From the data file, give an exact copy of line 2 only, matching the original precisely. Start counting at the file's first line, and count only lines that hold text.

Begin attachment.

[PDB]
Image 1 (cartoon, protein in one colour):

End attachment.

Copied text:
Image 1 (cartoon, protein in one colour):